Louis Tussaud's Wax Museum carries an international tradition one step further. The art of wax portraiture goes back to ancient Egypt. It was also known in early Greece and Rome. The first wax museum as we know them was Madame Tussauds in
London, established in the middle of last century.
In August of 1885 Bernhard Olsen, previously director of the Tivoli
Garden opened the first Danish Wax Museum with the grandiose name "Scandinavian Panoptikon". It became an immidiate hit with most of the capitals 235.000 inhabitants and remained so for more than twenty years. In 1906 it closed its doors as other attractions claimed the interest of the public. Today, almost one hundered years later, the interest in wax museums all over the world is keener than ever.
Louis Tussaud's opened in Copenhagen in 1974 in the impressive building originally built as an arts and crafts museum and within short time it became one of the most popular attractions for tourists and Copenhageners alike.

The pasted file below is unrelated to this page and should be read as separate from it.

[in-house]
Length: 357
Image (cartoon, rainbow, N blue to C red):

The Making of a Wax Figure
After a thorough research and study the subject's head is modelled in clay.
A piece mould is made from plaster, then removed from the clay.
Hands closely resembeling the subjects are cast from life.
The mould is removed from the wax, section by section. Glass eyes are fitted and human hair inserted strand by strand.
A base colour is applied, followed by a final tinting process reproducing the many subtle variations found in a face.
The body and limbs are made from fiberglass, assembled with the head and the hands and suitably costumed it is ready to be placed in the museum.